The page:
Tuesday, April 8th, 2014 Posted by Jim Thacker

The Foundry announces Nuke Studio

The Foundry has unveiled Nuke Studio: an upcoming addition to the Nuke product family intended to provide a complete node-based “VFX, editorial and finishing studio” in a single application.

The announcement was made at NAB 2014 yesterday.

A new ‘super Nuke’
The new product combines all of the features from NukeX, the current top-of-the-range edition of The Foundry’s 3D compositor, with features from Hiero, its conform, shot-management and review tool.

In the NAB announcement, Nuke product manager Jon Wadelton described Nuke Studio as “full NukeX with the capabilities of Hiero [plus] lots of secret-sauce tech that makes [it] more than the sum of its parts”.

Key features include a full online editing toolset, real-time timeline effects, and integrated workflow between the timeline and NukeX’s node graph, including the option to copy and paste between the two.

Real-time 4K playback, pipeline integration
Nuke Studio will also provide real-time 4K playback, both in-application and through SDI-out hardware: something that Autodesk has also just announced for Flame 2015.

Playback will be GPU-accelerated, with Wadelton noting that The Foundry will be announcing a list of recommended “Quadro-class Nvidia” cards, although Nuke Studio “will run on other hardware as well”.

Like Nuke itself, the software will run on Windows, Linux and Mac OS X, and unlike turnkey solutions like Flame, there will be “no hardware locks”.

The Foundry also says that Nuke Studio will have “built-in renderfarm functionality” – “if you want to go faster, you just add extra machines and it will use those as well,” said Wadelton – and will be Python-scriptable.

The Foundry’s teaser for its NAB announcement: a video that proved sufficiently enigmatic to prompt some of its forum users to speculate that the company was developing an audio-editing tool.

So how much will this cost?
The Foundry hasn’t announced pricing for Nuke Studio yet, although it describes it as sitting “at the top of our current Nuke range” and being “a reasonable upgrade from NukeX”.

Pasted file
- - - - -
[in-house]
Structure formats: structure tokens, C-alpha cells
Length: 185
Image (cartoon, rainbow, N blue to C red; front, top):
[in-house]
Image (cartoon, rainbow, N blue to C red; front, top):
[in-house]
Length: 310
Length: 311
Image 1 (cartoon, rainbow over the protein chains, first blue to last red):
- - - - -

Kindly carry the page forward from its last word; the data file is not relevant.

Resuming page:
Given NukeX’s current list price of $8,144, excluding tax, that suggests Nuke Studio will be more expensive than Autodesk’s Smoke – the 2013 release of which is priced at $3,495 – but significantly less than Flame.

Asked where The Foundry was pitching Nuke Studio in the market, Nuke product marketing manager Philippa Carroll commented that it “was not designed to offer a like-for-like replacement” for any existing product.

Instead, she noted that The Foundry had “designed an application that meets the new requirements of fast-turnaround post-production, where Nuke is the primary compositor used.”

Slotting into standard pipelines
The Foundry sees the fact that Nuke Studio is being built around an already industry-standard tool as a key selling point for the new product.

“With Studio, you’re getting access to the power of Nuke and all its benefits,” said Carroll. “All the tech in this product is battle-tested.”

“Nuke Studio gives an artist a whole lot of control – they can conform, edit, colour-correct, add effects, play back at 4K – basically, they can run a whole project and even sit with a client while doing it.”

However, Carroll noted that the software is designed for team, as well as solo, work.

“Because it’s built on an architecture that was designed to be highly collaborative, [artists] can take a particular part of the project on the timeline and get other members of their team to independently work on it, in the way a Nuke team always has.”

Still details to be finalised
Given that many of the capabilities of Nuke Studio are already present in NukeX and Hiero, the only major unknown would seem to be the editing toolset.

Carroll commented that The Foundry has “made a huge number of advances with our editorial capabilities”, although it isn’t yet clear exactly how fully featured an editor Nuke Studio will be.

In the NAB presentation, Wadelton noted that it would be able to cut audio, but not apply effects like compression, for example.

It also isn’t clear yet exactly which features of NukeX will be accessible from the timeline.

In the NAB session, Wadelton identified NukeX’s colour-matching tool, masks and retiming as features that would be “cool to have”, but noted that the intention was not to bypass the node graph entirely.

“We don’t want to move everything to the timeline because we really believe that the node graph environment is the best [place] to do compositing, because it’s much more fluid,” he said.

Release dates and further updates
However, even from the current outline description, Nuke Studio sounds a powerful – and potentially disruptive – new product.

The Foundry says that it will be sharing more information in the run-up to its release, currently scheduled for “late 2014”. You can sign up for news updates on The Foundry’s website via the link below.

Read The Foundry’s official Nuke Studio news release

Watch a recording of the NAB announcement on The Foundry’s website
(Includes a link to sign up for news announcements)